skin care basics and routines
Are you sensitive?
Does your skin react to certain products with redness, burning or tingling? Do certain environments give you dry, itchy or scaling skin? Do you often get hives and other irritations? If you answered yes to any of the above, you might be one of the millions of women with sensitive skin. The good news is, the more you learn about sensitive skin, the more you’ll know best how to manage it.
What exactly is sensitive skin?
Dermatologists and scientists believe those with sensitive skin might have a more permeable stratum corneum than most people (the stratum corneum is the outermost layer of your skin). They also believe those with sensitive skin might have an increased nerve response. Essentially that means your nerves tend to overreact.
There are many triggers that can cause sensitive skin to flair up. There are environmental factors, like ultraviolet light, wind, heat, cold, pollution and humidity. There’s also irritation from everyday products, such as cosmetics and toiletries. Additionally, sensitive skin can be irritated by something as simple as clothing rubbing against your skin.
If you have sensitive skin, it seems there’s a lot to be on the lookout for. But you’re not alone. It’s estimated as many as 69% of women and 64% of men perceive their skin to be sensitive. The face is the most commonly identified area, however, it can be found anywhere on the body.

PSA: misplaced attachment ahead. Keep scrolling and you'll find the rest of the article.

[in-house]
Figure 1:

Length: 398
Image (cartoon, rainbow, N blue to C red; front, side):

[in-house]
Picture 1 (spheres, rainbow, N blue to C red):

People who are tense and exhausted are more likely to be among those with sensitive skin. When stress levels soar, nerve endings in the dermal layers of the skin secrete chemicals that cause inflammation and sore, red patches. A great excuse to spend a little extra time at yoga, the spa, or just curled up with a good book. Anything that puts you in your happy place.
So you have sensitive skin. Now what?
Think of sensitive skin care as a milder version of regular skin care. Always choose gentle products, and even better, those specifically formulated for sensitive skin. Avoid unnecessary ingredients like fragrance; look for products labeled fragrance-free. Non comedogenic products are also a smart choice. And always test any new product on the inside of your wrist 24 hours before trying it out on your face or body.
It’s also important to avoid harsh abrasives like loofahs and body scrubs. Scrubbing is never good for any skin type, but with sensitive skin, you need to be extra cautious. Extreme temperatures can also wreak havoc on your skin. Go with the Goldilocks approach: not too hot and not too cold.
Good habits. Great results.
Sensitive skin care doesn’t require drastic measures. Sure, it might take a little extra work to combat your sensitive skin issues, but it will pay off. If treated properly, sensitive skin is just as beautiful as any other type of skin out there.